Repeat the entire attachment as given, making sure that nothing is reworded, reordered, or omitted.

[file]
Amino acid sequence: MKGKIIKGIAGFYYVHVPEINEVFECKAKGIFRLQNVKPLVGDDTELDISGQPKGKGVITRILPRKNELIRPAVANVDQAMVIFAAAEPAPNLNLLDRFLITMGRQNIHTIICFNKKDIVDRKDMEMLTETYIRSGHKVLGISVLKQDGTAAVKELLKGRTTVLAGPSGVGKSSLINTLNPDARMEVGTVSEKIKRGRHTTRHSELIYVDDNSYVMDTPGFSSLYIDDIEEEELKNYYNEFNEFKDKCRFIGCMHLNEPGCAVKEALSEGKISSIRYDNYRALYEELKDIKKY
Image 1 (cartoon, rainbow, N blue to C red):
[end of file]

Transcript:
Amino acid sequence: MKGKIIKGIAGFYYVHVPEINEVFECKAKGIFRLQNVKPLVGDDTELDISGQPKGKGVITRILPRKNELIRPAVANVDQAMVIFAAAEPAPNLNLLDRFLITMGRQNIHTIICFNKKDIVDRKDMEMLTETYIRSGHKVLGISVLKQDGTAAVKELLKGRTTVLAGPSGVGKSSLINTLNPDARMEVGTVSEKIKRGRHTTRHSELIYVDDNSYVMDTPGFSSLYIDDIEEEELKNYYNEFNEFKDKCRFIGCMHLNEPGCAVKEALSEGKISSIRYDNYRALYEELKDIKKY
Image 1 (cartoon, rainbow, N blue to C red):